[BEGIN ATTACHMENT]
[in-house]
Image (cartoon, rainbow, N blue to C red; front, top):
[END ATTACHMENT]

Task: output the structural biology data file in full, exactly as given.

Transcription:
[in-house]
Image (cartoon, rainbow, N blue to C red; front, top):